Why I Stopped Eating “Clean”

Why I Stopped Eating “Clean”

My fitness journey really started back in early 2012 when I decided to do my first bikini competition.

Like many others, I had no idea what I was getting myself in to. Going into prep, I was told I could have a certain amount of carbs, fats and proteins per day.

“Okay, simple enough” I thought.

Oh but wait, I could only eat “clean foods”. You know, nothing processed, no diary, and absolutely no wine (gasp). I also couldn’t have fruit. Why? Because it had sugar in it of course.

The list of foods that I ate for 12 weeks consisted of the following:

  1. Grilled Chicken
  2. Potatoes (sweet potatoes only)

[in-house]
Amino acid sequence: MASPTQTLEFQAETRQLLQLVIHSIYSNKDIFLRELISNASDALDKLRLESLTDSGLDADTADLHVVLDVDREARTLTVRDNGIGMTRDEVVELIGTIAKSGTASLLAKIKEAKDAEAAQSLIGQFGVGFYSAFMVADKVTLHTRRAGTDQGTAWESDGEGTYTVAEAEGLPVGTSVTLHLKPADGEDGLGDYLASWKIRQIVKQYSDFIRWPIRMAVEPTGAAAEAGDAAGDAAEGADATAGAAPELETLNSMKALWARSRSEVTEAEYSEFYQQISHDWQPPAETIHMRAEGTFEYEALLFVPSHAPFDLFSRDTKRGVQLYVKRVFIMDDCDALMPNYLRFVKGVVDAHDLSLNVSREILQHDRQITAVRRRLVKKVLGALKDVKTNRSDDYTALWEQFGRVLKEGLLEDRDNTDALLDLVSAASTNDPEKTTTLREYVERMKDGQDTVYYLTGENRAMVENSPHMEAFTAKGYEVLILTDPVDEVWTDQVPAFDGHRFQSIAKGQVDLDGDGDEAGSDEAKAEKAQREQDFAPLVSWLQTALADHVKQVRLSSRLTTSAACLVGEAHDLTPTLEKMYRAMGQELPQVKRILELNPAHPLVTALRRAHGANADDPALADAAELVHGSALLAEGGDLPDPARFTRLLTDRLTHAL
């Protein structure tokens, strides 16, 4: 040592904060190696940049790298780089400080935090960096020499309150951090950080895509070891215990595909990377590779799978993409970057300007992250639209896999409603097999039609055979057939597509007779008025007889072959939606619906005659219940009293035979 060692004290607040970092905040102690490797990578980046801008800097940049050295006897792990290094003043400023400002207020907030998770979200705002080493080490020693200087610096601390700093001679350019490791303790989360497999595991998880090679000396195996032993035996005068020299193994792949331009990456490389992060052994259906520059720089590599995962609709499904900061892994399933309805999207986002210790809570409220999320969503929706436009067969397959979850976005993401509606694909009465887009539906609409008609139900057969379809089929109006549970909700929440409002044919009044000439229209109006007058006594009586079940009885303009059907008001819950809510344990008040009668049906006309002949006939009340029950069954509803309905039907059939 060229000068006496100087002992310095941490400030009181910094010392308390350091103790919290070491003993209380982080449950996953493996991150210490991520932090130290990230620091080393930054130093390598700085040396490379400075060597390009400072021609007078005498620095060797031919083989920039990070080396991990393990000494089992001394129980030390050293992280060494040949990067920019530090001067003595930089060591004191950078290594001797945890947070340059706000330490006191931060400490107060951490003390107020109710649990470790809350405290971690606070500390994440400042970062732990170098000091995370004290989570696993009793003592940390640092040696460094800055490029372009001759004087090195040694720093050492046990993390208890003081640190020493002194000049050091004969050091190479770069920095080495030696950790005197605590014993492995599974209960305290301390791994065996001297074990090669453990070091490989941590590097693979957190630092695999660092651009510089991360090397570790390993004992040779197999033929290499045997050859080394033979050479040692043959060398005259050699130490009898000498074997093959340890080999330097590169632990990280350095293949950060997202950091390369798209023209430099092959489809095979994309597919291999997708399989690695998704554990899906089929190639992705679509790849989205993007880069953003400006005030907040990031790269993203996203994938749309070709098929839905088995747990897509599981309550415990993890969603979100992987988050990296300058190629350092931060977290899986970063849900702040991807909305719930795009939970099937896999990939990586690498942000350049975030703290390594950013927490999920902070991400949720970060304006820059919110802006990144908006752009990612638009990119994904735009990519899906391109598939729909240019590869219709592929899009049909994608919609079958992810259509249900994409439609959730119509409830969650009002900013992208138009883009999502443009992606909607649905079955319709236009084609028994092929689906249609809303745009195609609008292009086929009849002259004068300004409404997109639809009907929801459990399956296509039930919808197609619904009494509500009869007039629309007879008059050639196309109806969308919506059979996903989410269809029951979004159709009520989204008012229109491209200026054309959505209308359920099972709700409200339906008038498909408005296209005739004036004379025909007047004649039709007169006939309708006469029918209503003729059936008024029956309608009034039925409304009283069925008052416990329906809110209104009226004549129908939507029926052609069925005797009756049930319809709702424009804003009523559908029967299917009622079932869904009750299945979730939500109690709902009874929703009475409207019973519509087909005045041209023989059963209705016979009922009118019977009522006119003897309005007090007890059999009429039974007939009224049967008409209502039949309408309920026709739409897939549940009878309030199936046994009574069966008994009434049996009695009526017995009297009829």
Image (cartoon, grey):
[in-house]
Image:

3. Protein Shakes
  4. Oatmeal (I don’t even like oatmeal)
  5. Peanut Butter
  6. Broccoli
  7. Almonds (plain)
  8. Rice (brown only)
  9. Egg Whites
  10. Black Coffee

Tilapia and asparagus also could have been on the menu, but those weren’t my thing (and still aren’t).

At first it wasn’t that horrible because I was focused and motivated, but by about week 6, things got rough.

I was so sick of eating the same foods that I started coming up with weird concoctions by combining the few foods I had to choose from. I made what I called “sweet potato muffins” by throwing sweet potatoes, egg whites, and oats in a blender and pouring it into a muffin pan. I’d top it off with peanut butter and pretend like I was eating a red velvet cupcake or something.

Did I lose weight? Absolutely. But will I ever put myself through that again? Absolutely not.

Here’s why…

As soon as the competition was over, I began experiencing the biggest mental battle with the scale and my physical appearance than I ever had in my entire life.